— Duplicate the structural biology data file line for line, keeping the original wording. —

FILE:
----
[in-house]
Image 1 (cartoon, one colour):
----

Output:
[in-house]
Image 1 (cartoon, one colour):